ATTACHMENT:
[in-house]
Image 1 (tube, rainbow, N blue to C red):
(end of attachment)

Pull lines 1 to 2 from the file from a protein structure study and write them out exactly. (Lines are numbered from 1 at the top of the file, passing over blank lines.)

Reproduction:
[in-house]
Image 1 (tube, rainbow, N blue to C red):